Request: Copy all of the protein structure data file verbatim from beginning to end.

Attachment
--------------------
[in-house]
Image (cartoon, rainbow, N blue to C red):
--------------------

[in-house]
Image (cartoon, rainbow, N blue to C red):